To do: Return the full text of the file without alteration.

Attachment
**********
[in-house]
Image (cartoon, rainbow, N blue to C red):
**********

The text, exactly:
[in-house]
Image (cartoon, rainbow, N blue to C red):